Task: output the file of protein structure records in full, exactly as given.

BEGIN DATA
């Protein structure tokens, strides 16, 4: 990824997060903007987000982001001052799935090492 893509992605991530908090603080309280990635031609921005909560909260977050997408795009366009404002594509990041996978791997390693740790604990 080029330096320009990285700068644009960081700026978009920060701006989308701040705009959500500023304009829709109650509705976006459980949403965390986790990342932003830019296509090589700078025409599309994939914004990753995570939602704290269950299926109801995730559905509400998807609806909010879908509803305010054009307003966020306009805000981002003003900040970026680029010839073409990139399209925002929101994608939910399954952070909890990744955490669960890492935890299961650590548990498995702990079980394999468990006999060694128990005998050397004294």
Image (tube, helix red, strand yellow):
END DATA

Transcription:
């Protein structure tokens, strides 16, 4: 990824997060903007987000982001001052799935090492 893509992605991530908090603080309280990635031609921005909560909260977050997408795009366009404002594509990041996978791997390693740790604990 080029330096320009990285700068644009960081700026978009920060701006989308701040705009959500500023304009829709109650509705976006459980949403965390986790990342932003830019296509090589700078025409599309994939914004990753995570939602704290269950299926109801995730559905509400998807609806909010879908509803305010054009307003966020306009805000981002003003900040970026680029010839073409990139399209925002929101994608939910399954952070909890990744955490669960890492935890299961650590548990498995702990079980394999468990006999060694128990005998050397004294």
Image (tube, helix red, strand yellow):